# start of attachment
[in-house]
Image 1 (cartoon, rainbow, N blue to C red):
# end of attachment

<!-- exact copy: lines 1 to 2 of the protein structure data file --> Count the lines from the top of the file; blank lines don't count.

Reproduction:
[in-house]
Image 1 (cartoon, rainbow, N blue to C red):